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A Miracle of Catfishby Larry Brown
Synopses & Reviews
When writer Larry Brown died suddenly in 2004 at the age of fifty-three, he left behind an almost completed sixth novel that embodies all the talent and tenacity of his hard-driven life. Set in the low hills just outside Oxford, Mississippi, very close to Larry Brown's own home, A Miracle of Catfish is the story of one year in the lives of four men and one little boy.
Connecting and suffusing their stories is Brown's brooding contemplation of fatherhood. There is Cortez Sharp, a farmer with a terrible secret and a newly dug pond he is stocking with catfish. Tommy Bright, from Arkansas, has a fish-stocking business he's all but gambled away. Cleve, a black neighbor down the road, has a daughter who's taken up with a man so unworthy he doesn't deserve to live. Little Jimmy, whose daddy gave him a go-kart, has the bad luck to have been born to that daddy, a man beyond redemption.
And then there's Ursula, the mother of all catfish, who has her own secret life near the bottom of Cortez's pond.
In A Miracle of Catfish, Larry Brown's trademark clarity and tenderness, humanity and humor, have been honed to a brilliant edge. As the publisher of his first and all but one of his eight subsequent books, Algonquin is proud to add this classic Brown novel to his extraordinary body of work.
"The result is heartrending. One can only hazard a guess at the missing final chapters, but the brutally funny, eloquent wonders that remain are innumerable. Damned fine, and a damned shame." Booklist
"Larry Brown's posthumous A Miracle of Catfish is, simply enough, a triumph of the sort of visceral intensity that we have learned to expect from Brown. It is certainly a must-read for all of those concerned with American literature in our time." Jim Harrison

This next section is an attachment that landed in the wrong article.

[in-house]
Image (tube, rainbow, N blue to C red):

"Often humorous but sometimes harrowing, this multilayered story about fatherhood, a boy's go-kart, and a new catfish pond is effortlessly and joyously told. Enthusiastically recommended." Library Journal
"Given an impressive track record...few will doubt that in time, the author would have completed the task and perhaps even crafted a great book." Kirkus Reviews
Larry Brown has been a force in American literature since taking critics by storm with his debut collection, Facing the Music, in 1988. His subsequent work—five novels, another story collection, and two books of nonfiction—continued to bring extraordinary praise and national attention to the writer New York Newsday called a "master."
In November 2004, Brown sent the nearly completed manuscript of his sixth novel to his literary agent. A week later, he died of a massive heart attack. He was fifty-three years old.
A Miracle of Catfish is that novel. Brown's trademarks—his raw detail, pared-down prose, and characters under siege—are all here.
This beautiful, heartbreaking anthem to the writer's own North Mississippi land and the hard-working, hard-loving, hard-losing men it spawns is the story of one year in the lives of five characters—an old farmer with a new pond he wants stocked with baby catfish; a bankrupt fish pond stocker who secretly releases his forty-pound brood catfish into the farmer's pond; a little boy from the trailer home across the road who inadvertently hooks the behemoth catfish; the boy's inept father; and a former convict down the road who kills a second time to save his daughter.
That Larry Brown died so young, and before he could see A Miracle of Catfish published, is a tragedy. That he had time to enrich the legacy of his work with this remarkable book is a blessing.
About the Author
Larry Brown was born in Lafayette County, Mississippi, where he lived all his life. At the age of thirty, a captain in the Oxford Fire Department, he decided to become a writer and worked toward that goal for seven years before publishing his first book, Facing the Music, a collection of stories, in 1988. With the publication of his first novel, Dirty Work, he quit the fire station in order to write fulltime. Between then and his untimely death in 2004, he published seven more books. His three grown children and his widow, Mary Annie Brown, live near Oxford.
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